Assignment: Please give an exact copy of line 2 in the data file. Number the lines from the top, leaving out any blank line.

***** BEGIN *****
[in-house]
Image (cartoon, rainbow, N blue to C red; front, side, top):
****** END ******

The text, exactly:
Image (cartoon, rainbow, N blue to C red; front, side, top):